Seán Moncrieff: Laundry is the ultimate absurdist pursuit
Laundry and Camus both have a lot to teach us about our weird life cycle. Think about it
We submit ourselves to the endless, soul-numbing cycle of washing and ironing without much thought. Photograph: Fabrizio Bensch/Reuters
If you just have or are about to put on a wash, you should consider Albert Camus. In between smoking cigarettes and having affairs, Camus spent a lot of his life regarding existence as absurd.
The absurdity stems from the tension between the way things are and the way we want them to be: the “confrontation between human need and the unreasonable silence of the world”.
In other words, the universe is a cold, silent, unintelligent place. There is no God, no plan at work, no meaning. Nonetheless, we spend so much of our time inserting meaning into things and situations that don’t have any. We see patterns when they don’t exist. We say: things happen for a reason, even though they don’t. They just happen. Our desire to believe in something that isn’t there makes us absurd.
If he were alive today, Camus might well allow himself a smug Gallic smirk. Unself-conscious absurdism has run amok in the 21st century. Discrete sets of facts are invested with multiple significances, often contradictory. Brexit is freedom or self-immolation. (Camus was very pro-European unity.) Tens of millions of Covid-19 infections are a pandemic or an exaggeration. Donald Trump is a narcissistic spoofer or he’s a very stable genius.
And in all cases, those providing the significances are, implicitly or explicitly, aligning them with some sort of higher ideal: Justice or Freedom or Almighty God. About 5 per cent of Americans believe Donald Trump was personally selected by God to be president. Including President Trump.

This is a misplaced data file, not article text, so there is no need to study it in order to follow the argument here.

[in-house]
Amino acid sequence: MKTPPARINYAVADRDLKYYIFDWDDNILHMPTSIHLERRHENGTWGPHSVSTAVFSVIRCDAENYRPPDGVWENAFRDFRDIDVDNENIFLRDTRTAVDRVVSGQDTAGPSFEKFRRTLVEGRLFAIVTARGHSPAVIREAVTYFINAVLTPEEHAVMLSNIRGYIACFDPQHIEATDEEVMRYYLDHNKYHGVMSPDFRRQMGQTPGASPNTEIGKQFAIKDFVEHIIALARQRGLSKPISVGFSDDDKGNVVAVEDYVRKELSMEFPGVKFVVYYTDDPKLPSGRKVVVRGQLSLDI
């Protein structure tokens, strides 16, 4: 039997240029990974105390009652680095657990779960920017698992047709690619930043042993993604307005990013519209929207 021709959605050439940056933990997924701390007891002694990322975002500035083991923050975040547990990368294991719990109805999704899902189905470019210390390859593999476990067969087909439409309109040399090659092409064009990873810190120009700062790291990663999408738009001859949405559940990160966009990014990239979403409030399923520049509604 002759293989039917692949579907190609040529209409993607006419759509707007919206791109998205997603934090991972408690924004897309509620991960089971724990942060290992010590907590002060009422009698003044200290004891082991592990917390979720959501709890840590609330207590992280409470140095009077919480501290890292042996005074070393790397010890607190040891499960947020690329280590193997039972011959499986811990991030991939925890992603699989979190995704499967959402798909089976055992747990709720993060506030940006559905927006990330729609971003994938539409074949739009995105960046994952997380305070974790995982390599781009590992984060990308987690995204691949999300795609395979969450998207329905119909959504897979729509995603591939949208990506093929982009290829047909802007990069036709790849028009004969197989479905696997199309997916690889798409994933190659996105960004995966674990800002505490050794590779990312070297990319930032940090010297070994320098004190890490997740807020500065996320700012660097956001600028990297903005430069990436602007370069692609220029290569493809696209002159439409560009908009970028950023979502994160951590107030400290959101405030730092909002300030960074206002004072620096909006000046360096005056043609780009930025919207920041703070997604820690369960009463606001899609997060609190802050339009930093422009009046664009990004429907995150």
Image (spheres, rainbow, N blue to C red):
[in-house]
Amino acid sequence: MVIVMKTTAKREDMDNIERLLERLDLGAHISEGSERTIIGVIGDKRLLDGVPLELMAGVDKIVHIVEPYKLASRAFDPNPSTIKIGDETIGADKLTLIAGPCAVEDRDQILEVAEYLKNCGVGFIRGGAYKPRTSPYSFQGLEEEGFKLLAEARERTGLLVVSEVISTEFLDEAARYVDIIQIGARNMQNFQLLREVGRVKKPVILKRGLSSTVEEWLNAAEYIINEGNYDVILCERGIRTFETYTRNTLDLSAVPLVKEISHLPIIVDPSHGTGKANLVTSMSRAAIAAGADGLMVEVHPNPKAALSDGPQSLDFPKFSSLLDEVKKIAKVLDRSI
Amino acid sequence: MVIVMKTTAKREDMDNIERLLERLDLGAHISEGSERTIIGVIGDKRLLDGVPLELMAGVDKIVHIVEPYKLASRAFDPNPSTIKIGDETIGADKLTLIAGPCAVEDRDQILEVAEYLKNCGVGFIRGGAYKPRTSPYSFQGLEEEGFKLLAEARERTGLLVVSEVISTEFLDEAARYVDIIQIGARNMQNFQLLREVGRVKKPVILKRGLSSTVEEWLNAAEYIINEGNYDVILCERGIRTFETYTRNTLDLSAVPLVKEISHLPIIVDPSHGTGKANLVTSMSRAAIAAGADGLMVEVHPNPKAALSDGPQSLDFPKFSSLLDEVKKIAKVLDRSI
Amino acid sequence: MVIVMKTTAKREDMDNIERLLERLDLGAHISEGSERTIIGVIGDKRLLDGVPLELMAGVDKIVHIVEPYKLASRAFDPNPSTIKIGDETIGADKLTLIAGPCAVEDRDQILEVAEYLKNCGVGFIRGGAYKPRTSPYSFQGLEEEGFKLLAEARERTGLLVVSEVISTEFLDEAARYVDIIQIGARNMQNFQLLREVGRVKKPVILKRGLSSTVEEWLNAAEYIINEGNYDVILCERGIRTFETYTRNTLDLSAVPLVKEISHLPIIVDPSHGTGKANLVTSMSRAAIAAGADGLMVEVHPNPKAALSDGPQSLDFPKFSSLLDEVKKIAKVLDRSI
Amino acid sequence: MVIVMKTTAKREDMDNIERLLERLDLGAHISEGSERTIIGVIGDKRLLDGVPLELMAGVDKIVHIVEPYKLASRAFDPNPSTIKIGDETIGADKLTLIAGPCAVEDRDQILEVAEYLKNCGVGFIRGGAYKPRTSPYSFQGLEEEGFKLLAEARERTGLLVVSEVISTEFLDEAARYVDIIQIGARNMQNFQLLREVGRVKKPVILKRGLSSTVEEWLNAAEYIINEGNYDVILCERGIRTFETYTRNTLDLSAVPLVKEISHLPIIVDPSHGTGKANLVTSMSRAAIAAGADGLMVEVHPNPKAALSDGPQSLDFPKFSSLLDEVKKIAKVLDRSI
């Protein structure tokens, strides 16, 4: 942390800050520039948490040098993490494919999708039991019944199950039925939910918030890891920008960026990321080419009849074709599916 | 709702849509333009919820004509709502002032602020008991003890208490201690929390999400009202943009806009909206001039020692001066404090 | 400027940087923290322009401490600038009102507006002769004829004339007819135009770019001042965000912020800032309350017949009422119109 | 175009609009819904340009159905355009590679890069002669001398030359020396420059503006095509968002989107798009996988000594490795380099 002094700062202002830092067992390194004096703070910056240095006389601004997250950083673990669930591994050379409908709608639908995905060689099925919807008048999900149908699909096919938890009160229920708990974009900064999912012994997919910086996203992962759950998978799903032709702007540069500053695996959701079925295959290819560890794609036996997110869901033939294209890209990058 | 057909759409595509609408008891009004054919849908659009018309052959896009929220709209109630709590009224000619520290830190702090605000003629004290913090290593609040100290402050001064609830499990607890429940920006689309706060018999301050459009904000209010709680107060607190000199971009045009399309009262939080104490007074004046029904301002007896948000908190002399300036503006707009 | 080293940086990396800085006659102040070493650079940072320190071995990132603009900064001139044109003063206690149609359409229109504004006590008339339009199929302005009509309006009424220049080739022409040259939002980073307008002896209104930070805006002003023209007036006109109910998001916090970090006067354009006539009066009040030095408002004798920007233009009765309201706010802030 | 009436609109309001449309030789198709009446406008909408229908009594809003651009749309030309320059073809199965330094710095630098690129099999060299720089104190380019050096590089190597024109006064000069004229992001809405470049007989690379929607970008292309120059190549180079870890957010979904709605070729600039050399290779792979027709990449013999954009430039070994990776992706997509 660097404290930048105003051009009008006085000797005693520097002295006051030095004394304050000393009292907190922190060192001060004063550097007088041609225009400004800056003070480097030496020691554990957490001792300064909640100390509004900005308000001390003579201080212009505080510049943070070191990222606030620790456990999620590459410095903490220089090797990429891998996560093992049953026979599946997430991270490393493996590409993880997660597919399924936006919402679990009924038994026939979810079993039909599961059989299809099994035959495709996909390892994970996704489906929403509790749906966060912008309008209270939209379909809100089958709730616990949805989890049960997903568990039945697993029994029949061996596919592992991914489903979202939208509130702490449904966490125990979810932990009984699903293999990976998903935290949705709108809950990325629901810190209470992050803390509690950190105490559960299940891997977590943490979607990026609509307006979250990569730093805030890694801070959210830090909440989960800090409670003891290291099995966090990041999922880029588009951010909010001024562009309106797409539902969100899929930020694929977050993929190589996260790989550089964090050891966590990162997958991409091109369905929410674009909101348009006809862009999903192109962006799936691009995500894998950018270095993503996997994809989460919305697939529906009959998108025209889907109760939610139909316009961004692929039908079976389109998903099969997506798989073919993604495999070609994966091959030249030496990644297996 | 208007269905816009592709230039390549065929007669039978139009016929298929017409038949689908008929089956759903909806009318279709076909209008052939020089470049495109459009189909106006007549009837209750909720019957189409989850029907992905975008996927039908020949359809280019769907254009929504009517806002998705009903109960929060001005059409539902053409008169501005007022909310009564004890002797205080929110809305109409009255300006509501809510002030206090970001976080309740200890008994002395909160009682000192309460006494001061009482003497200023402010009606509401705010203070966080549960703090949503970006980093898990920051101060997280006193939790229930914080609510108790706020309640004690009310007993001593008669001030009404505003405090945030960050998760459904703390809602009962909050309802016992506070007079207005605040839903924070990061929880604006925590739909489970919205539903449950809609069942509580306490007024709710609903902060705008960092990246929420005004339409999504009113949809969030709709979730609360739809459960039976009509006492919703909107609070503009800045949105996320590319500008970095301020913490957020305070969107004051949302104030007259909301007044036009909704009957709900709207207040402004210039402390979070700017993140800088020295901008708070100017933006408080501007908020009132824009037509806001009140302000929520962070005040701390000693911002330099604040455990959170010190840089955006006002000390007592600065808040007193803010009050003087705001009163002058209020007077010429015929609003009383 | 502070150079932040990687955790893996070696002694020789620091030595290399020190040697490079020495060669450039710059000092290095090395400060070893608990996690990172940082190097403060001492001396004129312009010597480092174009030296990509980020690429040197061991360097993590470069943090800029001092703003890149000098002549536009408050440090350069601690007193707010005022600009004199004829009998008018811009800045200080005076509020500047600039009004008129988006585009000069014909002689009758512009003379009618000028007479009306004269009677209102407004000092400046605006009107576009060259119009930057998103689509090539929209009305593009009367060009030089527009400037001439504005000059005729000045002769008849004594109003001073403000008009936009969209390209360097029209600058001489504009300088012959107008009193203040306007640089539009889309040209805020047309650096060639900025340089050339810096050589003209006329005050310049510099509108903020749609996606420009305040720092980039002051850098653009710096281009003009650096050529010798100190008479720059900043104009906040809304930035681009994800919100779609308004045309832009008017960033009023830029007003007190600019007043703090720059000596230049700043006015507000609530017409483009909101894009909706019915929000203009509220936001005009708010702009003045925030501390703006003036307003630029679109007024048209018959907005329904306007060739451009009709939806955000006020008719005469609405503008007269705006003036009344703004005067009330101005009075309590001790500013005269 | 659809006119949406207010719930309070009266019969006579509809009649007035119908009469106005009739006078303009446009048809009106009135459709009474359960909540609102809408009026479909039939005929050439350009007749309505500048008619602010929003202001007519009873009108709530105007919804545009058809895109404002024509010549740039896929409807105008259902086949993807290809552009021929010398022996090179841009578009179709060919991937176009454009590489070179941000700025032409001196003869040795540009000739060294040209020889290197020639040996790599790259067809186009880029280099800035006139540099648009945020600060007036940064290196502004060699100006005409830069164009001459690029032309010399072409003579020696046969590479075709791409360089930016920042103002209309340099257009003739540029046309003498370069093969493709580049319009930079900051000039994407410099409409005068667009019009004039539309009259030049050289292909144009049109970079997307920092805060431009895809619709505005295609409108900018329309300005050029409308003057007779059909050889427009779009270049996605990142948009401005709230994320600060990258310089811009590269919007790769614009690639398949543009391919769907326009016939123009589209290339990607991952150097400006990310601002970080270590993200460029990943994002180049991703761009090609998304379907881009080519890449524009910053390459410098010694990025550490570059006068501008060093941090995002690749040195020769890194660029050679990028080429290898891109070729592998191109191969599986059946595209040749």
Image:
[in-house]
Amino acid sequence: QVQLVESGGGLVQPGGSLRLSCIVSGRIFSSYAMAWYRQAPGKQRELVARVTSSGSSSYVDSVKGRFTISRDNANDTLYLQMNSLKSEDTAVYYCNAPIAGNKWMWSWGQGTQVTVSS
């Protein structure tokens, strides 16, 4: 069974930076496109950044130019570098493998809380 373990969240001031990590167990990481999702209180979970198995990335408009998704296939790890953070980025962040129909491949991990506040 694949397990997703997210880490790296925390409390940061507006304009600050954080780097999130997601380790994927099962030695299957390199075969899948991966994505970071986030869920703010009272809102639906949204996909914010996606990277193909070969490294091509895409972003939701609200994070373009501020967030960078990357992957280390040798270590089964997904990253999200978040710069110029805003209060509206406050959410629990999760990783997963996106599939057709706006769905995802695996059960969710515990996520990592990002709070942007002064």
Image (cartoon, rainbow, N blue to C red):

The reign of Donald Trump doesn’t prove that God doesn’t exist. Trump isn’t God’s fault. If there is a God. But it might imply that there isn’t such a thing as objective truth; or if there is, that we haven’t found it yet.
And anyway, the big issues seem far too divisive for there to be any chance of us agreeing that we’re all making it up. A clue to the way things really are may be found in more humdrum activities, particularly one that long pre-dates Camus: doing laundry.
Laundry is the ultimate absurdist pursuit. Every day, in every home in Ireland, bundles of pungent clothes are loaded into machines, along with detergents and various other substances, all of which promise not just to remove stains but to revitalise the materials, to make them smell nice, to make the colours more vivid, to make them better than they were when you first saw them in the shop.
But common sense tells you this is nonsense. Battering the clothes with water and chemicals may make them clean, but also a little more threadbare. In the process of supposedly caring for our clothes we are also hastening their demise. When it’s not pelting rain, we hang them outside, a billowing target for bugs and birds with digestion problems. Then we iron them: an exercise that has no provable benefit to the clothes, but one which we invest with significance. If you go looking for a job interview wearing a crumpled shirt, your prospective employers may well infer that you are feckless and unreliable; that you may have a drink or drugs problem. But all it really tells them was that you didn’t iron your shirt.
Yet we submit ourselves to the endless, soul-numbing cycle of washing and ironing without much thought; just an assumption that it is somehow necessary and important. Camus has written about his childhood memories of his mother’s hands, gnarled from years of wringing out his stinky underpants.
He doesn’t offer much in the way of a happy conclusion to all this, other than it’s best to accept our absurdity; that the meanings we assign come from us, not from any higher power. Being absurd is one thing we all have in common. Of course, young Albert could have offered to help his mother. Mammy Camus would probably have seen some meaning in that.